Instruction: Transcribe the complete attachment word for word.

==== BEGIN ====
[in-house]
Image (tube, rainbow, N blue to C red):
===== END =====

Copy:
[in-house]
Image (tube, rainbow, N blue to C red):